The 30,000 SF multilevel Allied eSports Arena in Las Vegas, the first permanent eSports venue on the Las Vegas Strip, is designed to host every form of gaming, from daily play to high-stakes eSports tournaments.
The facility features a competition stage, a broadcast-quality TV studio, an interactive history of gaming display, a 360-degree videoboard, a streaming booth and a virtual reality experience. The world-class production facility uses 24 cameras to deliver network broadcast-quality content to the arena’s 50-foot-long, two-story LED video wall and live streaming across the world. The arena seats about 250 people, but the largest audience is the millions watching the competition via streaming video online. The project team developed a specialized approach to lighting, avoiding glare and contrast issues while achieving broadcast-quality illumination on faces. Lighting the players who are partially masked by their reference displays was particularly challenging.
NV5 used extremely slim and low-profile lighting fixtures integrated into the players’ stations (referred to as “Player Pods”) to the left and right of each player. By experimenting with various source angles, distracting glare to the players was avoided while still achieving a nice illumination on their faces — even when players were wearing ball caps or hoods that would otherwise shadow their faces from the overhead lighting. The very bright, very large direct-view LED video wall so close to the players posed several unique challenges in lighting to broadcast quality. For example, all stage lighting had to be carefully aimed to avoid throwing light onto the screen, which could deteriorate the contrast ratio and distort the color of the displayed image. Despite conflicting needs for each of these modes, the venue had to simultaneously support both a good image and experience for the live audience, as well as the online viewers. Every aspect of the lighting system was controllable, so adjustments could be further fine-tuned as needed.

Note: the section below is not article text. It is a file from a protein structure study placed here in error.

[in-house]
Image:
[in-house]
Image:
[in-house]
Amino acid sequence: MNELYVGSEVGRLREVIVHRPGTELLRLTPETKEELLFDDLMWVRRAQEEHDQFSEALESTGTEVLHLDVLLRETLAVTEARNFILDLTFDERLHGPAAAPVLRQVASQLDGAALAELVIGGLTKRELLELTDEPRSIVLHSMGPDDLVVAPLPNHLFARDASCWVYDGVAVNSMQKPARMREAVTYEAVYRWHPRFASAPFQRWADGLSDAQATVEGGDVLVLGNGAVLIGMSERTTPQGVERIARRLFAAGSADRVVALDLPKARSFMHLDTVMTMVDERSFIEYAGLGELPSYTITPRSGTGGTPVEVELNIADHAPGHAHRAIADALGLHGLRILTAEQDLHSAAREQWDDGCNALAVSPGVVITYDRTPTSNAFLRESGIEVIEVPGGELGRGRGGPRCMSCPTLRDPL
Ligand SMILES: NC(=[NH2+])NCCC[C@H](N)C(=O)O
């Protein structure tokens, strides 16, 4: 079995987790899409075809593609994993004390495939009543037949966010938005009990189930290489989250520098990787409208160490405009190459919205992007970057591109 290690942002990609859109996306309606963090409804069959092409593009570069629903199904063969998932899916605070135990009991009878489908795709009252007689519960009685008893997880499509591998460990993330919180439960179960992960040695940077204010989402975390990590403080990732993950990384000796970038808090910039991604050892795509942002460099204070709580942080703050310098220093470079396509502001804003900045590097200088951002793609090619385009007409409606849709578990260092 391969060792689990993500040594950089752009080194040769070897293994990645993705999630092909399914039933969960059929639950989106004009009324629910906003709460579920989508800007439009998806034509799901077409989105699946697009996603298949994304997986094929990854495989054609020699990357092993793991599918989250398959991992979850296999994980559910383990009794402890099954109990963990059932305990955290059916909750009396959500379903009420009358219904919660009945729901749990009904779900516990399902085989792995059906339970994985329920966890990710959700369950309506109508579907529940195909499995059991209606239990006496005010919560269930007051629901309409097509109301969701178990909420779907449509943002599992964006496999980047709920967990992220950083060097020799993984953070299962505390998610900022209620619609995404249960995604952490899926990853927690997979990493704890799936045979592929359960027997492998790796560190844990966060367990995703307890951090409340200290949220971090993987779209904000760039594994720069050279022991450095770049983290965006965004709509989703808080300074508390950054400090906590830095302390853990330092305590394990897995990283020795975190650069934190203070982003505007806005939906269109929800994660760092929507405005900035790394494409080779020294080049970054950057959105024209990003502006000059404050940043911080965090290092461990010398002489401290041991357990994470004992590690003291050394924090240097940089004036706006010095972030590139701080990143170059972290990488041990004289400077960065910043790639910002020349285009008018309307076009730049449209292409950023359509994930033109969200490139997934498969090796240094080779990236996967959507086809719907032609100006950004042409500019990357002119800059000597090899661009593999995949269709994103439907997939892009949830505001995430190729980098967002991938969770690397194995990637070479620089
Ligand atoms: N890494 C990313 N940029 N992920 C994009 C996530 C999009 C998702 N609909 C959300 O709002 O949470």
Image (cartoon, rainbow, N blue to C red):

The largest challenge came in interconnecting the architectural lighting and controls system. The production lighting needed to be able to control the architectural lighting during broadcasts. With a combination of careful planning, finding that perfect interface device, and working closely with the entire design and integration/building team, the team successfully tied the two systems together in a way that truly enhanced the overall functionality of the entire system.